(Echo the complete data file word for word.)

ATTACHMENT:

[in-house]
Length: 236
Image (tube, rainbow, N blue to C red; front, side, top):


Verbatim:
[in-house]
Length: 236
Image (tube, rainbow, N blue to C red; front, side, top):